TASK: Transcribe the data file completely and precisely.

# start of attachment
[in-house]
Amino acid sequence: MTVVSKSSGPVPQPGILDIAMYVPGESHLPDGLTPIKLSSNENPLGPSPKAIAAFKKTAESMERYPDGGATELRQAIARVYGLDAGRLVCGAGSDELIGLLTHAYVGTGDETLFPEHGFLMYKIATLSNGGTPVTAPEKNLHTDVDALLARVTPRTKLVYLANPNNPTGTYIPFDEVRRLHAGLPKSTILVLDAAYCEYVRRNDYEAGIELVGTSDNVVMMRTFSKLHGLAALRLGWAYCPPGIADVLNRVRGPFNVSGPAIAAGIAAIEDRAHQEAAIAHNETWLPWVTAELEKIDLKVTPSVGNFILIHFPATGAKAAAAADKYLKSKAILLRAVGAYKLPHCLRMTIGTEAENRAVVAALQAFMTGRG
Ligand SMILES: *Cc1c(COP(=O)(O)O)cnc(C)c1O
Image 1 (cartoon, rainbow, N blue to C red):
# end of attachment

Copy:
[in-house]
Amino acid sequence: MTVVSKSSGPVPQPGILDIAMYVPGESHLPDGLTPIKLSSNENPLGPSPKAIAAFKKTAESMERYPDGGATELRQAIARVYGLDAGRLVCGAGSDELIGLLTHAYVGTGDETLFPEHGFLMYKIATLSNGGTPVTAPEKNLHTDVDALLARVTPRTKLVYLANPNNPTGTYIPFDEVRRLHAGLPKSTILVLDAAYCEYVRRNDYEAGIELVGTSDNVVMMRTFSKLHGLAALRLGWAYCPPGIADVLNRVRGPFNVSGPAIAAGIAAIEDRAHQEAAIAHNETWLPWVTAELEKIDLKVTPSVGNFILIHFPATGAKAAAAADKYLKSKAILLRAVGAYKLPHCLRMTIGTEAENRAVVAALQAFMTGRG
Ligand SMILES: *Cc1c(COP(=O)(O)O)cnc(C)c1O
Image 1 (cartoon, rainbow, N blue to C red):